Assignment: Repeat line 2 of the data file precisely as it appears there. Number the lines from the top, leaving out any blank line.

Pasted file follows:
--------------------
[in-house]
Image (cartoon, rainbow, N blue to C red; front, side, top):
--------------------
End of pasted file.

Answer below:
Image (cartoon, rainbow, N blue to C red; front, side, top):